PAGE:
Last updated: August 24. 2013 8:59PM - 62 Views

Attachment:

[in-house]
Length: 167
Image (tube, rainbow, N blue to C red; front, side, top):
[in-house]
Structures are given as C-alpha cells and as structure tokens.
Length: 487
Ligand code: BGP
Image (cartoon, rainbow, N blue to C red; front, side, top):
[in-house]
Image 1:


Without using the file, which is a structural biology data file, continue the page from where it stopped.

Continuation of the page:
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LIMA — According to statistics and first-hand experience, a high school sports-fitness and exercise-science program can be successful.Apollo Career Center and Elida schools officials are banking on both as they partner to offer the program starting next school year. “Sports medicine and exercise science, including physical therapy, is just an area that is going to be booming,” Elida schools Superintendent Don Diglia said. “The number of students that we see leaving and going into physical therapy is pretty intense.”Apollo and Elida will split the cost of one teacher, who will instruct freshmen and sophomores at Elida High School and juniors and seniors at Apollo. Those taking the Elida course are not committing to continue at Apollo, and any student going to Apollo can enter the program regardless of which member school he or she is from. The program will include three tracks: athletic trainer, physical therapy aid and fitness and nutrition. Apollo Superintendent Judy Wells said state statistics show an interest in such a program. Physical therapist and therapist aid, along with trainer, are included in the Ohio Buckeye Top 50 fastest growing occupations through 2018, she said. Projected growth rates range from 23 to 36 percent.Apollo also surveyed alumni, parents and business partners about the possible program. It garnered a 93 percent approval rating.The first two years at Elida will be exploration into the fields, Wells said. Diglia added he hopes to attract any student interested in the medical field. Both schools hope to get at least 20 students for the first year.Functional Accelerated Sports Training (FAST) will assist the schools with curriculum. The teacher, not yet hired, will be someone in the field. Apollo has seen a decline in enrollment and has had to cut some programs with low enrollment. Wells said the school is committed to increasing enrollment and programs like this will help.“We want to move forward and add training programs back in that will benefit students and the community,” she said.Elida also has had to cut, with high school electives taking a big hit.“We hope this program will give our younger people some additional opportunities,” Diglia said, adding that if the program develops and gets enough interest, Elida would like to start its own four-year program. This is not the first partnership between Apollo and Elida. Apollo teachers instruct other programs at Elida, including DECA, industrial technology, vocational agriculture, and family and consumer science . You can comment on this story at www.limaohio.com.

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